‘Delicate,’ the single that kicked off Swift’s 2018 redemption tour, sees her floating above the crowd on a gondola, the way she used to perform ‘Love Story.’

On the B-stage, under yet another giant snake, she introduces ‘I’m Only Me When I’m with You‘ — a power-pop bonus track from her 2006 debut, that she hasn’t played live since 2009. Alone with her acoustic guitar, she turns back time. She’s the same girl, but she’s more confident, more herself. The room she’s singing in is bigger, but she still has the unique ability to make you feel like she’s singing to you alone.

The room she’s singing in is bigger, but Swift still has the unique ability to make you feel like she’s singing to you alone.

Swift’s back catalogue has become far too big to represent in one show, so her setlist is full of mashups: ‘Style’ merges seamlessly into ‘Love Story’ and ‘You Belong with Me.’ At the piano, she gently sings ‘Long Live’ alongside ‘New Year’s Day’ — pairing one of her most optimistic songs with one of her most devastating.

Her 1989 singles — ‘Blank Space,’ ‘Style’ — are still triumphant, but feel a little bluer than three years ago, when her reputation was at an all-time high. ‘Bad Blood,’ paired with ‘Should’ve Said No,’ has more rage than it used to. ‘Shake It Off,’ though, is as irrepressible as ever — especially when she’s joined by her opening acts: Georgia Nott from Broods, and Charli XCX.

Two later songs find her performances reaching new heights. ‘Don’t Blame Me,’ a bluesy, intoxicating Reputation power ballad, builds to the highest note she’s ever sung, with a piercing belt we never knew she had in her vocal range. She acts with her entire body and face, expressions flitting from coquettish to vengeful on a dime.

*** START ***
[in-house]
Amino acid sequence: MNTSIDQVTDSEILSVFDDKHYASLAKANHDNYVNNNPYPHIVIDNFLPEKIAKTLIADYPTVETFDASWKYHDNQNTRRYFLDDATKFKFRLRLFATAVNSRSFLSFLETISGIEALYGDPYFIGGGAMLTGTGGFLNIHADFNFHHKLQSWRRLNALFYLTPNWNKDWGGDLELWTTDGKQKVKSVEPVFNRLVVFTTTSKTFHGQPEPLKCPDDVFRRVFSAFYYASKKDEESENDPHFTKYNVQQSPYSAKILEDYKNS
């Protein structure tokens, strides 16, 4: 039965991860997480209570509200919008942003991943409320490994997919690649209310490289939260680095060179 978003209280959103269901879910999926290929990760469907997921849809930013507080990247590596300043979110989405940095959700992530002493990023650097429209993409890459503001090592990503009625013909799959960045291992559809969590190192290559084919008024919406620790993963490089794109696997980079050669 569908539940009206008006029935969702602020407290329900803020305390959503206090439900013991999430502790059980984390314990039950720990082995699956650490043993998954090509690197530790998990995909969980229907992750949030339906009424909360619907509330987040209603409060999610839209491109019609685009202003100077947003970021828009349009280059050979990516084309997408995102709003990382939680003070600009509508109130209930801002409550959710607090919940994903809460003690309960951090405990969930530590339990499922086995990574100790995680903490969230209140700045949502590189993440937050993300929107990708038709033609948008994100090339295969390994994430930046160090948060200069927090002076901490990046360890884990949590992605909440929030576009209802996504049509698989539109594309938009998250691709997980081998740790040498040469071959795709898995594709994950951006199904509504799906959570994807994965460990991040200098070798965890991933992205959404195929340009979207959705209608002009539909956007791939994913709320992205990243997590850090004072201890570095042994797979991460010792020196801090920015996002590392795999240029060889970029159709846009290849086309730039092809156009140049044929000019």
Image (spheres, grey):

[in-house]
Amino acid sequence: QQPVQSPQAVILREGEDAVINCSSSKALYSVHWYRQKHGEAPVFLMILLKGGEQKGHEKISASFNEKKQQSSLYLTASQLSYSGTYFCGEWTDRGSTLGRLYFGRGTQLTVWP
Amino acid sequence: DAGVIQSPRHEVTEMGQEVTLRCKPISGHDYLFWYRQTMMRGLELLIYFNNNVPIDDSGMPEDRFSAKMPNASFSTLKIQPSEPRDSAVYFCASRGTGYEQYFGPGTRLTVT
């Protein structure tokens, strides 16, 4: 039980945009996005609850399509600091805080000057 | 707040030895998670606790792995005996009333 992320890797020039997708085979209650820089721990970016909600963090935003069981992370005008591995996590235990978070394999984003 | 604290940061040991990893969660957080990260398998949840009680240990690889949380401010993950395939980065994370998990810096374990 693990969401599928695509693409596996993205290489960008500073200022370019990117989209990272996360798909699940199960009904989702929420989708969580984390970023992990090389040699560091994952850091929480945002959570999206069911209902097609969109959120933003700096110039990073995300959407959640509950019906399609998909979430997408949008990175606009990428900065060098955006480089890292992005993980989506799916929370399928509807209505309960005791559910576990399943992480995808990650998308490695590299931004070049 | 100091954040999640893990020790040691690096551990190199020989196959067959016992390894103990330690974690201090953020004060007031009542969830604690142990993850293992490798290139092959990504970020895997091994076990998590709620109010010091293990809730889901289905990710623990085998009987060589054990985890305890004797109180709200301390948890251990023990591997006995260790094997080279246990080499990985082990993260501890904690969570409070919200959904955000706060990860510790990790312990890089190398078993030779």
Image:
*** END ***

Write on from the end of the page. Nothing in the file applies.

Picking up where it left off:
Taylor Swift Review Melbourne

Taylor Swift at Melbourne’s Marvel Stadium. Photo: TAS Rights Management

And then there’s Reputation’s true centrepiece, the epic Jack Antonoff cowrite ‘Getaway Car.’ Over backdrops of lost highways and mountains, she struts across the stage, as if she’s in a live music video.

On the album, it’s a thrilling song about romantic betrayal. In person, it takes on another dimension entirely — imagine seeing Dunkirk or Mission: Impossible — Fallout at IMAX, but several times bigger.

There’s so much more to Taylor Swift than what you may see in her reputation.

It’s not just the sheer spectacle that hits you, but the dark, intimate moments of desperation within ‘Getaway Car,’ and so many of Reputation’s songs about finding love within the noise of modern life.

The 1989 World Tour felt like Taylor’s victory lap after conquering pop music. Reputation is more vivid, more aggressive, more tender. It jumps between moods in a way that’s almost jarring — like when the contemplative ‘Call It What You Want’ leads into the sardonic, celebratory closer ‘This Is Why We Can’t Have Nice Things.’

But there’s a point — that you can be any given version of yourself at any time. It’s all a performance, but it’s all real. So ignore the hype: there’s so much more to Taylor Swift than what you may see in her reputation. There always has been.

Richard S. He is a pop songwriter and producer in ELLE, and an award-winning journalist. You can tweet your grievances to @Richaod.

Lead photo: TAS Rights Management 

Taylor Swift 2018 Australian Tour Dates

  • Friday November 2 — ANZ Stadium, Sydney
  • Tuesday November 6 — The Gabba, Brisbane